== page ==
Duties, Fees or Taxes
Shipments over a certain monetary value are subject to duties and fees, or taxes, as per regulations of the country they are heading into. Customs brokers role is to ensure that duties or taxes are collected or prepaid for the goods, as they are familiar with the laws in the country and can help a shipment pass through. The broker can calculate and process the payment in advance, as part of their role.
In order to calculate the duties, fees or taxes, there needs to be awareness of the value of the shipment. Customs officials will check if duties have been paid, and unless you are a bonded carrier, you may be delayed until the payment is made. Bonded carriers are authorized to move “in-bond” shipments beyond the border, for holding at a warehouse until fees are paid.
You can also use Zipments to calculate duties or fees you may need to pay when importing into Canada, so that you are able to budget and handle these matters early. It's completely free and easy to navigate.
DDP and DDU Shipments
DDP (Delivered Duty Paid) shipments are marked to indicate that duties, fees or taxes have been prepaid.
DDU (Delivery Duty Unpaid) shipments are marked to indicate that they need to be forwarded to a customs broker in order for the amount to be collected. These types of shipments usually incur extra fees, for storage or handling for instance.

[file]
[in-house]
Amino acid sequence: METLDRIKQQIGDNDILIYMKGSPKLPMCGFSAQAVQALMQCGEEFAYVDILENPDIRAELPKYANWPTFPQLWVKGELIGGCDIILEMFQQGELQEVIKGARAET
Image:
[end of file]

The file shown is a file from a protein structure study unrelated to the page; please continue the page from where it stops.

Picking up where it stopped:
Completion and Release
When the appropriate fees, taxes and duties have been paid to customs for the shipment in question, then the shipment can be released by customs. A release means that the shipment is free to move beyond the border and to its destination, rather than being held at customs.
Customs clearance is a complex process and it's important to be prepared for it. Understanding the import-export rules and regulations, is key to completing your cross-border shipment of goods. When you use one platform, such as Zipments, to gather and store all your documents, the process is simplified and ensures less error. Customs forms, tariffs, and fees—it’s a new world when it comes to shipping freight. Let us help you through the paperwork and inspections, so you can focus on your business.